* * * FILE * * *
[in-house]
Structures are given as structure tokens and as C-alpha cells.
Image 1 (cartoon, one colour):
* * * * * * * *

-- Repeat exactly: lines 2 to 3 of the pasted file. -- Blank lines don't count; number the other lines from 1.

Structures are given as structure tokens and as C-alpha cells.
Image 1 (cartoon, one colour):